Mayo Clinic, iSpecimen Collaboration
News Sep 13, 2016
iSpecimen® announced that it has entered into an agreement with the Mayo Clinic Center for Individualized Medicine. Under the agreement, iSpecimen will serve as the exclusive channel partner for the Mayo Clinic Cancer/Normal Serum Biobank, connecting biomedical researchers with the samples and associated data for their studies.
The Cancer/Normal Serum Biobank, located on Mayo Clinic’s campus in Rochester, Minnesota, includes approximately 130,000 frozen vials of serum from about 17,000 unique, consented patients. The samples were collected between 1975 and 1990 across 85 different malignant and benign conditions. iSpecimen, which works to procure annotated samples for life science researchers, will manage the serum inventory and associated data through its cloud-based technology solution, matching researchers to the right samples to fuel their studies.
“As is the case with many biorepositories, intensive resources have been put into creating a variety of sample collections along with state-of-the-art facilities,” said Stephen Thibodeau, Ph.D., the David F. and Margaret T. Grohne Director, Biorepositories Program, Mayo Clinic Center for Individualized Medicine. “But despite holding thousands of sought-after samples, the biorepository is underutilized by external researchers. iSpecimen presented an opportunity for us to work with them to efficiently move these specimens into the hands of many more scientists studying cancer and related conditions, which ultimately should result in better treatments.”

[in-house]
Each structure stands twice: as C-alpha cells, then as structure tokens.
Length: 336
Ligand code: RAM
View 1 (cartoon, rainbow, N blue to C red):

With the surge of precision medicine, and particularly increased interest and funding for cancer research, as evidenced by initiatives such as the Cancer Moonshot and Parker Institute for Cancer Immunotherapy, Mayo Clinic’s Cancer/Normal Serum Biobank presents research value not only due to the thousands of serum samples it holds, but also due to the longitudinal nature of many of the samples. Also of considerable value is the clinical annotation accompanying the samples; this includes patient demographics, blood collection data, tumor information, treatment information, and status of tumor at time of blood collection.
“Developed specifically with researchers in mind, iSpecimen is proud to collaborate with Mayo Clinic to help to expand this biobank’s reach across the scientific community,” said Christopher Ianelli, M.D., Ph.D., Chief Executive Officer, iSpecimen. “It’s estimated that the number of new cancer cases per year will rise from 14 to 22 million globally within the next two decades. As oncology research continues to evolve at a rapid pace, providing researchers fast access to the right, high-quality biospecimens will be crucial to helping them execute on new ways of understanding, diagnosing and treating this disease.”
Training Evolution in Pathology Needed to Deliver Precision MedicineNews
The future delivery of precision medicine is at risk unless pathology training programmes evolve to embrace genomics, warn UK researchers.READ MORE
HPV Vaccination and Test Reduce Cancer Risk by More Than 90%News
Based on this statistic, experts are now calling for the HPV test to replace cell smear testing (cytology) as a primary screening method for cervical cancer.READ MORE